An orbital fracture is a serious break or crack in one or more of the bones of the eye socket. It can be caused by a motor vehicle accident, fall, sports injury, industrial accident or the like, and be serious enough to affect sight. Depending on whether the eyelid muscles are injured, an orbital fracture can cause double vision. Considerable swelling in the eye area typically accompanies this type of injury. Once swelling recedes, the eye may appear recessed more than is normal. It is often for both cosmetic and functional reasons that surgical treatment of an orbital fracture is necessary. Learn More
This condition characterised by a tendency for the eyes to be pushed forwards (so-called “proptosis”) and for the eyelids to open too far (lid retraction). It is often associated with red, irritable and watery eyes. Eye movements can also be reduced and this can cause double vision. In a few cases the optic nerve, carrying the visual signals back to the brain, can be compressed and this leads to a failing of eyesight. Learn More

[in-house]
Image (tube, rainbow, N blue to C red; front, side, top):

Tumors are abnormal growths of tissue that can be either benign (non-cancerous) or malignant (cancerous). Tumors situated on the orbit, or eye socket, should be evaluated and treated as soon as possible. A cancerous tumor requires immediate medical attention. Learn More
We have a facial nerve that stretches down each side of the face. These nerves allow us to laugh, smile, frown, and open and close our eyelids. Sometimes facial paralysis occurs when a person is Keep Reading ►
My NHS practice is based at the world-renowned Moorfields Eye Hospital in London. I consult private patients at Moorfields Private Eye Hospital, Weymouth Street Hospital, Phoenix Hospital Group Outpatient Centre and The Harley Street Clinic.